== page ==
NOTICE: In order to accommodate the needs of those impacted by Hurricanes Harvey and Irma, Federal contractors who file their VETS-4212 Reports by November 15, 2017 will not be cited for failure to file a timely Report or failure to comply with Federal regulations.

In future years, the deadline will return to September 30th.

Trump Taps Management-Side Lawyer to Serve as NLRB General Counsel

On September 15, the White House announced that President Trump will nominate Peter B. Robb, a longtime labor and employment attorney, to become the National Labor Relation Board’s next general counsel.  Assuming Robb is confirmed by the Senate, he would likely take over his position  hopefully in early November following the end of the incumbent’s General Counsel’s term and Robb’s swearing in.

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Federal Judge Invalidates Obama-Era Department of Labor Overtime Rule

On August 31, 2017, a federal district court judge in Texas struck down the Department of Labor’s Obama-era controversial 2016 rule that raised the minimum salary threshold required to qualify for the Fair Labor Standards Act’s “white collar” exemption. Under the proposed regulations, the minimum salary threshold was raised to just over $47,000 per year, and increased the overtime eligibility threshold for highly compensated workers from $100,000 to about $134,000.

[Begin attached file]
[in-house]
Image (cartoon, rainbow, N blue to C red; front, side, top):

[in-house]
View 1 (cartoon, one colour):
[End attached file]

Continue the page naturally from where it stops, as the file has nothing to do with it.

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White House Blocks New EEO-1 Wage Reporting Requirements

The day employers have been waiting for, has finally arrived.  The government has indefinitely stayed the requirement that companies begin reporting “Component 2” wage data in their EEO-1 Reports.  Companies around the country are breathing a collective sigh of relief.

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Employee Fired For Being “Too Cute” States A Claim For Gender Discrimination

A New York Appellate decision issued last week—finding that firing an employee for being sexually attractive states a claim for gender discrimination—exemplifies the broad interpretation of discrimination laws in recent years.

Plaintiff Dilek Edwards worked as a yoga instructor and massage therapist for a Manhattan-based chiropractor and wellness center owned and operated by a married couple.  Edwards maintains that she was regularly praised for her performance and maintained a “purely professional” relationship with the husband-owner.